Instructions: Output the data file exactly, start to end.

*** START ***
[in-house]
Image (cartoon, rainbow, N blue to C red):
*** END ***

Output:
[in-house]
Image (cartoon, rainbow, N blue to C red):